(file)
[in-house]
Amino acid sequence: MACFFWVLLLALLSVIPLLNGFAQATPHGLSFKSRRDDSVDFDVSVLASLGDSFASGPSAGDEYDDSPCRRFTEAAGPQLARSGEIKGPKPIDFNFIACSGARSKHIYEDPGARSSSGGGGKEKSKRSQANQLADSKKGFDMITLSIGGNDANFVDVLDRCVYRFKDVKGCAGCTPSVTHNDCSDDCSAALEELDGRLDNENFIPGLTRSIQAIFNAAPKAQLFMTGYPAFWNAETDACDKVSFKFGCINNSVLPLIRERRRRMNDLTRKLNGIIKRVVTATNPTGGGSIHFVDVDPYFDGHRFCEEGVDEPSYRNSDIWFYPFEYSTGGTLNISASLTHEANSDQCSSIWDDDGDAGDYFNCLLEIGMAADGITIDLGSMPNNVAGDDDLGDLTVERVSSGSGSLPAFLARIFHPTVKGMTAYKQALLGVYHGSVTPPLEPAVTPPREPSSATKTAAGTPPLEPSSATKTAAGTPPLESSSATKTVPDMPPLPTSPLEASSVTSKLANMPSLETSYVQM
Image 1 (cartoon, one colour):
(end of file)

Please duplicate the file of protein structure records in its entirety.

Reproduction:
[in-house]
Amino acid sequence: MACFFWVLLLALLSVIPLLNGFAQATPHGLSFKSRRDDSVDFDVSVLASLGDSFASGPSAGDEYDDSPCRRFTEAAGPQLARSGEIKGPKPIDFNFIACSGARSKHIYEDPGARSSSGGGGKEKSKRSQANQLADSKKGFDMITLSIGGNDANFVDVLDRCVYRFKDVKGCAGCTPSVTHNDCSDDCSAALEELDGRLDNENFIPGLTRSIQAIFNAAPKAQLFMTGYPAFWNAETDACDKVSFKFGCINNSVLPLIRERRRRMNDLTRKLNGIIKRVVTATNPTGGGSIHFVDVDPYFDGHRFCEEGVDEPSYRNSDIWFYPFEYSTGGTLNISASLTHEANSDQCSSIWDDDGDAGDYFNCLLEIGMAADGITIDLGSMPNNVAGDDDLGDLTVERVSSGSGSLPAFLARIFHPTVKGMTAYKQALLGVYHGSVTPPLEPAVTPPREPSSATKTAAGTPPLEPSSATKTAAGTPPLESSSATKTVPDMPPLPTSPLEASSVTSKLANMPSLETSYVQM
Image 1 (cartoon, one colour):